Background: The gag reflex regularly interferes with dental procedures. The authors hypothesize that applying pressure to a specific point on the palm alters the gag reflex and that hypersensitive gag reflexes may be categorized according to oropharyngeal landmarks.
Methods: Thirty-six neurologically intact subjects underwent a series of gag reflex trials (baseline, sham and treatment). The authors developed a hand pressure device for subjects to wear, which provided a consistent force, and they described a gag trigger point index (GTPI) scale. On the basis of the GTPI, they divided subjects into a hypersensitive group and an expected-sensitivity (control) group.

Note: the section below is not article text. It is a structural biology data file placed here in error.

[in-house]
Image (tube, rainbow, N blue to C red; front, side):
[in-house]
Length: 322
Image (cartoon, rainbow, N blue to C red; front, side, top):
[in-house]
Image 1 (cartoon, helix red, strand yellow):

Results: The trigger point of the gag reflex moved posteriorly in all subjects as a result of pressure to the palm point. Statistical results from repeated measures analysis of variance support the GTPI baseline data, and group assignments helped predict mean GTPI scores across conditions. The authors noted a significant treatment-group interaction effect, which indicated that the difference in mean GTPI responses between the hypersensitive and expected-sensitivity groups depended on the treatment being used.
Conclusions: The authors introduce a treatment involving the stimulation of a pressure point that consistently altered the gag reflex trigger. The results of the study show the need for a more detailed, systematic approach to studying the hypersensitive gag reflex.
Clinical implications: The change in trigger point in the hypersensitive group represented a functional gain. Application of the pressure point during dental procedures would decrease the likelihood of triggering a gag reflex.